Early in January Compuware launched the first of what it promised would be a wave of tools for the mainframe that leverage the distributed graphical style of working with systems. The company hopes the tool, Topaz, will become a platform that hooks people experienced with distributed computing, especially Millennials, on working with the mainframe. The company is aiming not just for IT newbies but experienced distributed IT people who find the mainframe alien.
Compuware is pitching Topaz as a solution for addressing the problem of the wave of retirements of experienced mainframe veterans. The product promises to help developers, data architects, and other IT professionals discover, visualize, and work with both mainframe and non-mainframe data in a familiar, intuitive manner. They can work with it without actually having to directly encounter mainframe applications and databases in their native formats.
Topaz Relationship Visualizer (click to enlarge)
DancingDinosaur has received the full variety of opinions on the retiring mainframe veteran issue, ranging from a serious concern to a bogus issue. Apparently the issue differs with each mainframe shop. In this case, demographics ultimately rule, and people knowledgeable about the mainframe (including DancingDinosaur, sadly) are getting older. Distributed IT folks, however, know how to operate data centers, manage applications, handle data, and run BI and analytics—all the things we want any competent IT shop to do. So, to speed their introduction to the mainframe it makes sense to give them familiar tools that let them work in accustomed ways.
And Topaz definitely has a familiar distributed look-and-feel. Check out a demonstration of it here. What you will see are elements of systems, applications, and data represented graphically. Click an item and the relevant relationships are exposed. Click again to drill down to detail. To move data between hosts just drag and drop the desired files between distributed hosts and the mainframe. You also can use a single distributed-like editor to work with data on Oracle, SQL Server, IMS, DB2 and others across the enterprise. The actions are simple, intuitive, and feel like any GUI tool.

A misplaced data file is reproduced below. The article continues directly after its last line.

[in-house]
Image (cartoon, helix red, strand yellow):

The new tool should seem familiar. Compuware built Topaz using open source Eclipse. It also made use of ISPF, the mainframe toolset. Read about Eclipse here.
With Topaz Compuware is trying to address a problem IBM has been tackling through its System z Academic Initiative—to answer where next generation of mainframers will come from. With its contests and university curriculum IBM is trying to captivate young people early with job possibilities and slick technologies, and catch them as young as high school.
Compuware is aiming for working IT professionals in the distributed environment. They may not be much younger than their mainframe counterparts. but Compuware is giving them a tool that will allow them to immediately start doing meaningful work with both distributed and mainframe systems and do it in a way they immediately grasp.
Topaz treats mainframe and non-mainframe assets in a common manner. As Compuware noted: In an increasingly dynamic big data world it makes less and less sense to treat any platform as an island of information. Topaz takes a huge step in the right direction.
Finally, expect to see Topaz updates and enhancements quarterly. Compuware describes Topaz as an agile development effort, drawing a pointed contrast to the rather languid pace of some mainframe ISVs in getting out updates. If the company is able to achieve its aggressive release cycle goals that alone may help change perceptions of the mainframe as a staid, somewhat dull platform.
With Topaz Compuware is off to a good start, but you can see where and how the toolset can be expanded upon. And Compuware even hinted at opening the Topaz platform to other ISVs. Don’t hold your breath, but at the least it may get other mainframe ISVs to speed their own efforts, making the mainframe overall a more dynamic platform. With the z13 IBM raised the innovation bar (see DancingDinosaur here and here). Now other mainframe ISVs must up their game.